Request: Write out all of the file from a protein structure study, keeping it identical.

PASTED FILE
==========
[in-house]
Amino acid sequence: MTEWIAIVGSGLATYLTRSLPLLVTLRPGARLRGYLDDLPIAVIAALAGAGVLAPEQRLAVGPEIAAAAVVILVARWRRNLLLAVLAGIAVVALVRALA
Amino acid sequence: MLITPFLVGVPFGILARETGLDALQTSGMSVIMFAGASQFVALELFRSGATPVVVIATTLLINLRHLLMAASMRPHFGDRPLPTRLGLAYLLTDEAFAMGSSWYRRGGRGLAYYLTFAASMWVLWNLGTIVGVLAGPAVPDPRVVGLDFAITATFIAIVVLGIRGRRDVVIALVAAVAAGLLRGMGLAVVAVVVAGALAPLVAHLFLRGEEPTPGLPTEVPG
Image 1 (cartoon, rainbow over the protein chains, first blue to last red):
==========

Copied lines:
[in-house]
Amino acid sequence: MTEWIAIVGSGLATYLTRSLPLLVTLRPGARLRGYLDDLPIAVIAALAGAGVLAPEQRLAVGPEIAAAAVVILVARWRRNLLLAVLAGIAVVALVRALA
Amino acid sequence: MLITPFLVGVPFGILARETGLDALQTSGMSVIMFAGASQFVALELFRSGATPVVVIATTLLINLRHLLMAASMRPHFGDRPLPTRLGLAYLLTDEAFAMGSSWYRRGGRGLAYYLTFAASMWVLWNLGTIVGVLAGPAVPDPRVVGLDFAITATFIAIVVLGIRGRRDVVIALVAAVAAGLLRGMGLAVVAVVVAGALAPLVAHLFLRGEEPTPGLPTEVPG
Image 1 (cartoon, rainbow over the protein chains, first blue to last red):